Industrial Scaffolding now available at Saatchi Art

Industrial scaffolding next to a industrial warehouse

A image taken early Sunday morning of industrial scaffolding erected to repair a industrial plant’s roof. Inspired by clean, documental, industrial, and architectural photographs of the past along with the relatively “new landscape” style of photography. I often find silence, beauty and silence while I record these pieces of man made functional art.

A interesting article to read and something that hits close to home:

Somewhat like the author I too am a failed artist or photographer. In my twenties, thirties and forties I used to constantly think, eat, read, write and dream photography along with hustling and photographing as a profession. But then came the moment I put down my cameras, turned off the computer and walked away. As time moved on I sold most of my camera equipment including my trusty large format Sinar, film holders, lenses, stands, studio lighting flashes and darkroom including a large D2V enlarger. Thru multiple possession purges I gave away most of photo book and monograph collection. I even got a retail sales job in a big box store which to my amazement enjoyed and still do to this day.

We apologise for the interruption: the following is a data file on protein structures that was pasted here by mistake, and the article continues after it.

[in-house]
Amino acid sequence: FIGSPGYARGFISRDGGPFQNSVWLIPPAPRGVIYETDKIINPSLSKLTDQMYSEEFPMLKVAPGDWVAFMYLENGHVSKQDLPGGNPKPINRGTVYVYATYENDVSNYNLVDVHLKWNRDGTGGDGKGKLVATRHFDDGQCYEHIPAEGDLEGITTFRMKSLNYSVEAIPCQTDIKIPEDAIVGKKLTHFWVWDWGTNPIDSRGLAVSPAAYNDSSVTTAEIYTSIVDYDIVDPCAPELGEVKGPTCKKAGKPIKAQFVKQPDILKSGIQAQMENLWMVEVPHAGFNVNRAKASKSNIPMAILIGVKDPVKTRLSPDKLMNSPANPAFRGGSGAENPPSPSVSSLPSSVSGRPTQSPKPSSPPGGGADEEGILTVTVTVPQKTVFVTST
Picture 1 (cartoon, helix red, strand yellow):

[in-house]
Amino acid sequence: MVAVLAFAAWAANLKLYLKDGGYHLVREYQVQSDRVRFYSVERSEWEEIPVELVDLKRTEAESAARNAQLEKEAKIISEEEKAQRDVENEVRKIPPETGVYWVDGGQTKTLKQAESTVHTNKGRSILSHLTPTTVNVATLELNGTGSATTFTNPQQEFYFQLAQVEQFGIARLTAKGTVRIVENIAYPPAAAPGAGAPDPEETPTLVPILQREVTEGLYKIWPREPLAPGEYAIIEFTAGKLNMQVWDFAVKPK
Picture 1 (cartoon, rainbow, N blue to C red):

For three to four years I didn’t pick up a camera, often forgetting about photography and the art of taking images. I can remember talking to the much respected in my eyes Gary Brown whether I ever would and quite frankly I didn’t know.

As time went on I did start to photograph again, but only photographing what inspired me, what interested me, what I wanted to photograph. It felt refreshing, it felt natural, it felt good. Eventually I started to eat and breath photography; the main difference being only in my spare time. Yes; this post is happening on a day off of work! I have to thank my wife, best friend and partner in life Audrey Smith for understanding and helping to give me these moments and time to do this.

While I was having a good time renewing my interest in photography it was haphazard, I had no real direction.  Luckily enough, my old studio manager and boss Ron Watts introduced me to the work of Lewis Baltz and the “New Topographic’s” movement and realized a lot of my work did have a genre. A new project was started.

Do I regret the time I spent away from this art? Not at all. Do I regret selling off my large format gear? Somewhat. Am I enjoying myself? Definitely! Would I ever go back to a full time professional? No way, I actually enjoy my full time big box sales job and the new friends I’ve met. Do I get frustrated at finding time to create images? All the time, but life is life. Lesson learned? Sometimes a man has got to do what a man has got to do and that is okay by me.